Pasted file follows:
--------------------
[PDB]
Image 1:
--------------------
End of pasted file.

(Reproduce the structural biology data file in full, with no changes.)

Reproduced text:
[PDB]
Image 1: